Heart Happy (cathy_edgett) wrote,
Heart Happy
cathy_edgett

Balance -

This morning I was trying to clean my oatmeal pan from yesterday that I left on the stove too long, so there was a dark scrunge, and I was hoping by letting it sit there and happily soak, it would magically clean itself, but no it really was necessary for me to add a little attention and pressure, so the pan and I shared quite a philosophical moment today. It let go of something it had become attached to and I realized that smoothing my edges may require an extra grade of sandpaper. I want to be clear - I almost said transparent, but if I hear one more politician use that word, I am going to vomit. It reminds me of the word "situation" as it was used in sports a few years ago. Now, I don't watch sports so I don't know the latest buzzword. The point is that I want to be clean and shiny like my pan, with nothing extra attached, and then, I start to say, like barnacles, to my soul, and I realize I like barnacles, and maybe I wouldn't mind being in a symbiotic relationship with some, so there is that.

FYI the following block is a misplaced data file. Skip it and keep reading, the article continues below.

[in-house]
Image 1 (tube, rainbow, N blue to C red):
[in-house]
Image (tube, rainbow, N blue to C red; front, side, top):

I check and it appears that whales don't gain anything from the barnacles that hitch a free ride. I suppose it is like us in an airplane, though we are not completely harmless as we add a great deal of noise, commotion and weight.

http://www.learner.org/jnorth/tm/gwhale/Hitchhikers.html

In the New Yorker, there is an article on the slums surrounding the airport in Mumbai. It is titled Opening Night, The Scene from the Airport Slums and is by Katherine Boo. (I love that last name.) She is contrasting the slums and the "beautiful" people preparing for the opening of the film "Slumdog Millionaire." Those attending come to the hotels surrounding the airport to be "manicured, exfoliated and blown out."


I find this paragraph particularly sobering as to how we are all now tied.

"The banks in America went in a loss, then the big people went in a loss, then the scrap market in the slum areas came down, too," was how Anna, who read the Tamil-language newspapers, had explained the crisis to the residents. A kilo of empty water bottles, once worth twenty-five rupees, was now worth ten. This was how the crisis was understood."
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